Its one thing to think of how much stuff one person has, and even to aim to make do with less, as here. But it’s quite another to think of scaling that up for a village, a town or a megacity. Luckily we have a whole host of artists working with accumulations, bulk, stockpiling, conglomerations and amassings, such as Chris Jordan whom we mentioned here. His artworks Running the Numbers I and II use images to portray statistics, for America and for the world, respectively. To the North there’s Canadian photographer Edward Burtynsky and his works, e.g. the Urban Mines series. Then there’s salt installation artist Motoi  Yamamoto, and, of course, Song Dong, who is at this year’s dOCUMENTA (d13), to mention a couple.

I wonder if any of the magazines used below were ever read or even opened?


C_David_Mach(found David Mach via colossal)

Plastic Dogs

27 Jul

Robert Bradford: FooFoo 2Just look at them, aren’t they beautiful?! I love these. It’s the colour! I love colourful. And I think it’s the shape and form, which manage to convey the essence of the dog, which are so stunning and what makes them into successful art. Have a look at the next one, Terrierist, to see what I mean. Anyone who’s met a West Highland Terrier will recognize that little taut body and the pert eyes riveted on you.

Robert Bradford: terrierist

Besides British-born Robert Bradford, whose work these dogs are, there’s another that manages to convey the animal spirit in her work, Sayaka Kajita Ganz. While Bradford works with plastic toys, Ganz’s materials of choice are reclaimed kitchen utensils. As someone who enjoys cooking I think this is just great. Can I have these in my kitchen, perhaps? Besides the form of the animal she captures motion, wow, does she capture it. Looking at the horses below, I can feel the wind brush me by. I can feel those penguins plunge swiftly into icy waters with the bubbles streaming out behind them. You can watch a video of her working on Emergence  here, see more of her work here.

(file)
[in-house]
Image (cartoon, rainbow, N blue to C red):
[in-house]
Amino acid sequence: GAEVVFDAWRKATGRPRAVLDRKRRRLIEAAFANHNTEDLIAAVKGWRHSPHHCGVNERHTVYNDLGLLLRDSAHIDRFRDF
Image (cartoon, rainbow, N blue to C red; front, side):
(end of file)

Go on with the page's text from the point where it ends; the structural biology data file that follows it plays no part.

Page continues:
Sayaka Kajita Gans: Emergence

Sayaka Kajita Gans: Plunge

Discriminating between needing and wanting

30 May

One of my favourite hobbyhorses is the issue of needs versus wants. The oft-quoted excerpt from the Brundtland-Report that goes “Sustainable development is development that meets the needs of the present without compromising the ability of future generations to meet their own needs” specifically uses the word needs. Makes absolute sense, given that meeting the essential needs of the world’s poor was highlighted in the Report and given top priority. Except that I often get the impression in countries with a high Human Development Index (or whatever indicator has your preference) we find it very hard to limit ourselves and our solution-finding to needs, perhaps because all of our essential needs are usually well-met in these societies. To me it seems we are actually trying to find ways to meet our wants in a sustainable fashion… Nothing wrong with that, except that half the planet (make that half the population, we won’t go into the needs of other ecosystem members right now) aren’t having their essential needs met right now. And in our era of globalisation all your doing and my doing impacts meeting their needs and vice versa. Can you simplify your wants?

(via ffffound!, via CJwho)